The standard of care for patients who have recurrent metastatic head and neck cancer, if they can’t get a curative local therapy, has been a combination of two chemotherapy drugs and cetuximab and that’s referred to as the EXTREME regimen and it’s recognised to have a lot of side effects. Its median survival has been reported repeatedly to be in the 10-11 month range. We also knew that immune checkpoint inhibitors were active in head and neck cancer and both nivolumab and pembrolizumab were approved in the second line setting. So we hypothesised that these active agents which have potentially lasting effects on the immune response to cancer would have a more profound effect on survival if we used them earlier. We also knew that patients who were PD-L1 expressing, either in tumour or immune cells, were more likely to have an objective response to pembrolizumab. So we hypothesised that using pembrolizumab alone in the biomarker enriched population or pembrolizumab plus chemotherapy in the overall population might be superior to the EXTREME regimen.
So this was a three arm randomised study – pembrolizumab monotherapy for up to 35 cycles; a novel regimen of pembrolizumab plus chemotherapy for six cycles followed by pembrolizumab alone and the chemotherapy being the same as the chemotherapy in the EXTREME regimen; or the extreme regimen for six cycles followed by cetuximab alone.
You mentioned being a biomarker enriched population, how was that being scored?
We used an antibody to PD-L1, the 22C3 antibody, and cells were counted that were either tumour cells, lymphocytes or macrophages that expressed PD-L1. Then a ratio was calculated, the number of PD-L1 positive staining cells to the overall number of cells counted times 100. That was called the CPS and the biomarker populations we looked at were the CPS 20 population and the CPS 1 population.
What kinds of results were seen in these different populations with the different treatments?
Pembrolizumab alone was better than the EXTREME regimen in the biomarker enriched population. If you looked at the CPS 20 population the median overall survival improved from 10.7 to 14.9 months with a hazard ratio of 0.61. If you looked at the CPS 1 population it improved from 10.3 to 12.3 months with a hazard ratio of 0.78. So it appeared as if for PD-L1 expressing cancers, richly expressing or just somewhat expressing, pembrolizumab alone when used first is better than the EXTREME regimen. It did not improve the response rate and it did not improve the progression free survival and we know that there were patients who crossed over from pembrolizumab to chemotherapy when they progressed but in terms of the impact on survival early exposure to pembrolizumab made a profound impact for those patients.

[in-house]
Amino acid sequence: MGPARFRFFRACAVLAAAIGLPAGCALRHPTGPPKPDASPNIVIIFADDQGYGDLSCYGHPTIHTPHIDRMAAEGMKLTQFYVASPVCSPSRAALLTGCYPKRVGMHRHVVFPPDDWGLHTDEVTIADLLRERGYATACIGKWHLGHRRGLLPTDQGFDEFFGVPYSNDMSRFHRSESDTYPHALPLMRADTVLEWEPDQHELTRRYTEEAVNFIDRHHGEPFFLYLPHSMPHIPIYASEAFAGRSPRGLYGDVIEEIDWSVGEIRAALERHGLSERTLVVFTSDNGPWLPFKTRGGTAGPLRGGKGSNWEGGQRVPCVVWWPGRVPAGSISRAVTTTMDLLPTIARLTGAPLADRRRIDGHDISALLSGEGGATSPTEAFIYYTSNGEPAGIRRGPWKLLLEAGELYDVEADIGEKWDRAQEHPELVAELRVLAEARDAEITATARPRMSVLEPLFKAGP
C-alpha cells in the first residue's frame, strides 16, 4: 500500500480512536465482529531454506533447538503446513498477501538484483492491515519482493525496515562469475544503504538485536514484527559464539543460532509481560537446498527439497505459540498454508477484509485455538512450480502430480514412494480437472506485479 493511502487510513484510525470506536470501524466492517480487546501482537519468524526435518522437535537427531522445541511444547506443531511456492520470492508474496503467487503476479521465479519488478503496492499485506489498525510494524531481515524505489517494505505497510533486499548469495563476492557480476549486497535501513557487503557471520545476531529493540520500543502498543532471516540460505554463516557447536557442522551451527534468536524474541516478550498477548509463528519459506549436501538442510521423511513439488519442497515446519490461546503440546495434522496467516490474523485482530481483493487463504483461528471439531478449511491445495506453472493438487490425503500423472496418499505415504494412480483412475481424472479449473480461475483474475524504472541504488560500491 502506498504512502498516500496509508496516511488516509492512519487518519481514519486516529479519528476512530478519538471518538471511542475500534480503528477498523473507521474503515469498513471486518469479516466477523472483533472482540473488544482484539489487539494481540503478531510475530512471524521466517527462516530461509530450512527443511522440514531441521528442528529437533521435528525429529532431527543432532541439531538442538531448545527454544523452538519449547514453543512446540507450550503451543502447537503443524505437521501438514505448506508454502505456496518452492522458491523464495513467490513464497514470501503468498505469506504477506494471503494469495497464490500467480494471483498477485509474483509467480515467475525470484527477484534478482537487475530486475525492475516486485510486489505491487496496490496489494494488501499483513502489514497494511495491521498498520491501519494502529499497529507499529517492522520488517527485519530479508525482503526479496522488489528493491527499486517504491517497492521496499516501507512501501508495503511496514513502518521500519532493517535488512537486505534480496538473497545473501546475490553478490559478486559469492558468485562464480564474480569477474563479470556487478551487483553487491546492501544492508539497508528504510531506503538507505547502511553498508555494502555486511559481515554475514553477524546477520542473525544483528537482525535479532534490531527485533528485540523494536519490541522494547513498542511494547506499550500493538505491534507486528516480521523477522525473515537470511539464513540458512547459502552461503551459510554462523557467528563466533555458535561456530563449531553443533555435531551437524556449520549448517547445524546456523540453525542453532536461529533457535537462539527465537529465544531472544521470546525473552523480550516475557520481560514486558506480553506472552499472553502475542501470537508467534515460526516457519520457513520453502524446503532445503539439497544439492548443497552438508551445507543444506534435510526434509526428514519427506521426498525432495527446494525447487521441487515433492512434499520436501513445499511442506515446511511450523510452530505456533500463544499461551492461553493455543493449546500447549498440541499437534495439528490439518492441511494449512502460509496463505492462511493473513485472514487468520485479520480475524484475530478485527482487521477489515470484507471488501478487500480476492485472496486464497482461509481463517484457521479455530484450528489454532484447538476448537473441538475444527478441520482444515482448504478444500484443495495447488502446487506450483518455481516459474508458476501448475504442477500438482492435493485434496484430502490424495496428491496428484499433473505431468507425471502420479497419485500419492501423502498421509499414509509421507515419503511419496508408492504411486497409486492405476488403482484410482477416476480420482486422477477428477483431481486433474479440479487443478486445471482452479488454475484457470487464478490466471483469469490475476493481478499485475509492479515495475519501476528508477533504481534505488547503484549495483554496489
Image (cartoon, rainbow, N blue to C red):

If you looked at the all comers population pembrolizumab plus chemotherapy was also superior to the EXTREME regimen.
How well was it tolerated with these patients?
Pembrolizumab alone was substantially less toxic than the EXTREME regimen if you looked at all grade toxicity, grade 3-5 toxicity or discontinuation for toxicity. Pembrolizumab plus chemotherapy was equivalent to the EXTREME regimen in terms of toxicity of any grade, grade 3-5 toxicity, and there were no new safety signals seen apart from what we already knew about pembrolizumab and what we already knew about chemotherapy.
You mentioned that the response rate wasn’t improved but the duration was.
Absolutely. So for pembrolizumab alone, for patients who had a response to pembrolizumab alone, the median duration of response was over 20 months. That’s profoundly different from what we see with the EXTREME regimen.
So for doctors working in the clinic now, patients entering the clinic with a PD-1 positive squamous cell carcinoma of the head and neck would you recommend this as a first line treatment?
I would. There are a small number of patients who may not be ideal candidates for immune checkpoint inhibitors. We excluded people who required steroid therapy or who had active autoimmune diseases and there are patients who are highly symptomatic from recurrent head and neck cancer for whom the higher response rate that we saw with pembrolizumab plus chemotherapy might be more beneficial. There are going to be forthcoming analyses looking at some of the clinical predictors of response and benefit as well so there’s still more to be learned from this trial.
Speaking of, are there any planned follow-ups to establish impact on overall survival in the long term, five year follow-up, ten year follow-up?
This was an overall survival endpoint. There are still between 10 and 16 patients ongoing on the various arms. Patients who have durable response and are in survival follow-up we will continue to follow.